Changing a pitch averts loan strikeout


After three whiffs at banks, Joe Lewis gets his inventory financing by skirting the 'F' word - floorplan


Industry officials have stressed that dealers need to think outside the box when looking for financing, but Joe Lewis, owner of Florida's Mount Dora Boating Center & Marina, could write the manual on how to actually do it.

Lewis, whose dealership sells mostly Crownline, Mariah and Harris FloteBote models, along with brokerage boats, began looking for alternative forms of financing back in 2008 - right after Textron announced it was exiting the industry and GE told dealers it was switching to the London InterBank Offered Rate (LIBOR). Finding that financing, however, took perseverance, patience and a very thick skin.

Lewis first approached RBC Bank, where his dealership had its checking and savings accounts, as well as its mortgage, and he was turned down. So he went to its No. 1 competitor - Wachovia. Again, he was turned down.

"After that second turndown I figured, OK, I'm really not getting anywhere going at it the way I'm going looking for floorplanning and it's time to change the sales pitch," he says. He began using the term "inventory financing" rather than "floorplanning."

"You can't use the 'F' word," Lewis advises. "I figured out after the second go-around ... it's all about choice of words."


With that in mind, Lewis' next trip was to Bank of America, but the third time was no charm - another rejection. "That's when the light bulb came on," he says. "We're not getting anywhere with the big guys. Let's go back to the small community banks that we used to do business with years ago. That's what we did and we ended up fostering a relationship with a bank that was actually three blocks away from our location."

One of Lewis' customers happened to be a principal at First National Bank of Mount Dora and, though he's not involved in commercial lending, the customer was able to make the much-needed introductions.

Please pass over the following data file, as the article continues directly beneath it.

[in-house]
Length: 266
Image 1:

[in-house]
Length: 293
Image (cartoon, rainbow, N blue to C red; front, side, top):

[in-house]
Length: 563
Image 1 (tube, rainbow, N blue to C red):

"We were able to put the deal together in 60 days," Lewis says. It was completed last spring.

First National Bank of Mount Dora is now where all of the business's banking is done - checking and savings accounts, the mortgage and a $400,000 line of credit for inventory financing. And while he still maintains a line of credit with GE through its program with Brunswick Acceptance Company, the dealership does not use it.

"We have a better rate [now] than we did with Textron," Lewis says. "We're operating on a shorter credit line than we did with Textron, but that's forced us to make better buying decisions. We now focus on what we can get in here and move through the pipeline pretty quickly."

Lewis says he's now working with the bank to expand the line of credit through the Small Business Administration's dealer floorplan program. Loans range from $500,000 to $2 million under the SBA 7(a) loan program, with a 60 to 75 percent government guarantee. Few dealers have been able to find banks willing to work with the program, and Lewis admits had he been a customer just walking in off the street, his bank likely would have said no.


"It's only because of the relationship that we currently have established and the volume of business that we're currently doing with them that they're even entertaining going through the process," he says. Lewis expects the application to be submitted in February.

His advice to the many dealers looking for new financing is simple. "It's going to take a lot of work. Just as in any sales, you can't take the first rejection and stop working the deal," he says. "You've got to go out there and be proactive in this."

Lewis says he's heard that many manufacturers and dealers are sitting on the sidelines, waiting for someone to do something. That's simply not going to happen, he says.


"This is all about establishing relationships," Lewis stresses. "There's no quick fix here and I don't see a quick fix coming for many years to come."

This article originally appeared in the March 2010 issue.


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